So in terms of these two viruses I would rather be Herpes than Ebola. Ebola has the reputation sure, but Herpes at least has a chance of spreading itself to other humans and surviving. There is little point to being a virus if you can’t spread to another human being! So let’s reanalyze the claim that Dr. Pianka makes that Ebola may be a candidate for wiping out 90% of the human population in this world.

Firstly, as I’ve described above, Ebola isn’t going to have hosts that are infected but display sub-clinical infection. Now what I mean by a sub-clinical infection is an individual who has disease, they are directly producing virulent virus, but does not have any outward signs of a fever or any harmful symptoms (see an earlier post I wrote here for more details). This allows the virus to slip under the radar of health authorities and basically avoid detection to infect as many people as it can. As you can imagine, Ebola isn’t anywhere near as subtle as this and infected individuals could be spotted, quarantined and monitored very quickly.

Secondly and working against Ebola again is the fatality rate. It simply kills too many of the people it infects. Ebola would likely run out of hosts well before it managed to infect a wide amount of the human population. For example, if you are a virus as lethal and generally quick off the gun in causing infection as Ebola, you may wipe out the entire population of a village and never get the chance to be taken to the next village, say 20km away. You may think that “well, we’ve got planes and stuff” but bear in mind the claim is that we’re looking at a virus that wipes out 90% of humanity and it has to get to that 90% first. Not everyone lives in cities or areas with easy access by planes or even other forms of transportation!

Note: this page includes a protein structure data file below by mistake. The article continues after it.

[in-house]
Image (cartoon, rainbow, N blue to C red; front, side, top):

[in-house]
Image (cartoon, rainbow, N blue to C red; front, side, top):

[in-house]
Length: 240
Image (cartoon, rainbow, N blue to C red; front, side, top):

Thirdly and most definitely what will put a nail in the Ebola as humanities destroyer coffin is the problem with person to person transmission. As I mentioned earlier, the main chance I see of Ebola transferring between people is the large amount of blood, sputum and other fluids discharged around by dying patients as they convulse near death. This mechanism, while horrific is probably not going to be sufficient to transfer from quarantine facilities, hospital staff and even other patients. The reason for this is that containment mechanisms, such as positive pressure sealed rooms, hazard suits and other protective mechanisms can be taken to avoid contact with infected blood. Additionally, even without all of these protective measures, many of the health-care workers and CDC researchers that had contact with Ebola infected patients didn’t manage to acquire an infection.